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Int J Gynaecol Obstet. 1988 Oct;27(2):255-63.

Analysis of sterilization failure in Brazil.

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Centro de Pesquisas de Assistencia Integrada à Mulher e à Criança (CPAIMC), Rio de Janeiro, Brazil.


A study of 13,423 female sterilization procedures performed from 1981 to 1984 in Rio de Janeiro, Brazil, was conducted to determine the level of sterilization failure. The lifetable cumulative failure rate was 0.54 at 12 months per 100 initial sterilizations, increasing to 1.04 at 48 months. Results of a multivariate analysis indicated that the differential in the rate of sterilization failure by woman's age at sterilization at 12 and 24 months was statistically highly significant. However, the differential rate of failure by the other variables such as whether sterilized during a training period, number of sterilizations per surgeon per day, and year of sterilization were not statistically significant.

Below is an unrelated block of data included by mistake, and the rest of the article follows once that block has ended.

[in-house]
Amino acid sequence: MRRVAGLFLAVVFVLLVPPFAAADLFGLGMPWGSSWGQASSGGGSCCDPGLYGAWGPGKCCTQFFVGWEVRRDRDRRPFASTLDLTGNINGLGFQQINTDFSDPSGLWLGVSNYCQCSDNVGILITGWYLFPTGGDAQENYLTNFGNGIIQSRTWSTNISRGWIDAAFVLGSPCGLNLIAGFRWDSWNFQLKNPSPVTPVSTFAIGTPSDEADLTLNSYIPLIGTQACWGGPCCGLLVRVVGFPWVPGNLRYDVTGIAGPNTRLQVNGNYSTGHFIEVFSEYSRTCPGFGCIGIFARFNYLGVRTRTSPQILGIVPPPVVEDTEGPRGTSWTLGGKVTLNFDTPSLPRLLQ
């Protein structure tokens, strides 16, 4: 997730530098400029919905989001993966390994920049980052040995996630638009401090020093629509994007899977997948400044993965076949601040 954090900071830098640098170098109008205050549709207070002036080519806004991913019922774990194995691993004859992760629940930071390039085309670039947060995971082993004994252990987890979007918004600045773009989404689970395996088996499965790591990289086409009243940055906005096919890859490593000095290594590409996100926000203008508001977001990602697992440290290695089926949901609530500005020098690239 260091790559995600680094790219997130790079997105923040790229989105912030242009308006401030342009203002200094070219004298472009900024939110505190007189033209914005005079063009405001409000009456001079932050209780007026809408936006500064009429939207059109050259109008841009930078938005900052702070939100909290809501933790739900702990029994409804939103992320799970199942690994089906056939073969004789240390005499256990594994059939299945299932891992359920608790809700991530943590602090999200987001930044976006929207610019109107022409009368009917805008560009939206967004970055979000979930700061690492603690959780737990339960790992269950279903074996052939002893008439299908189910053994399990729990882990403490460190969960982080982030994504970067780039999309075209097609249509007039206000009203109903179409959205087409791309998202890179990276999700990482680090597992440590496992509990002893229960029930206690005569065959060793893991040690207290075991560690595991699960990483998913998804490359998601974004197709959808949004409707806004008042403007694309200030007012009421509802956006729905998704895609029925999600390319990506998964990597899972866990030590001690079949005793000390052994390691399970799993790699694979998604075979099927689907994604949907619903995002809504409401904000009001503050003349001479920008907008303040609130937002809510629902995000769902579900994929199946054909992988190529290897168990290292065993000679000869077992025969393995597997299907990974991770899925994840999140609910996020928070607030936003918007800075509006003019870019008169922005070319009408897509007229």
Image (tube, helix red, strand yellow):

To determine the level of sterilization failure, an analysis of the 13,423 female sterilization procedures carried out in 1981-84 at a primary care center in Rio de Janeiro was performed. 97% of these procedures were performed with a laparoscope, and a band was used for 98% of occlusions. 144 women reported a pregnancy after their sterilization procedure; of these, 22 were defined as occurring before the surgery (luteal phase) and were excluded from the life-table analysis. The cumulative failure rate was 0.54/100 sterilizations at 12 months and 1.04/100 procedures at 48 months. Parity, method of sterilization, and occlusion technique were not correlated with sterilization outcome. However, logistic regression analysis indicated that the rates of sterilization failure at 12 and 24 months were consistently lower for older women (age 30 years and above) than women in the 17-29-year age group. (p0.01). The number of sterilizations performed per day was also a factor in sterilization failure, but this association was not statistically significant. 5.7% of the sterilization failures resulted in ectopic pregnancies. Overall, these findings are comparable to the failure rate in other countries. The occurrence of 22 luteal phase pregnancies in this study highlights the importance of thorough preoperative counseling and examination. It is recommended that contraception should be used in the cycle prior to sterilization to reduce this risk.

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